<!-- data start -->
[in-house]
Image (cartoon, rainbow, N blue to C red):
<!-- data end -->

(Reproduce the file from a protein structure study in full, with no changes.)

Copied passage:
[in-house]
Image (cartoon, rainbow, N blue to C red):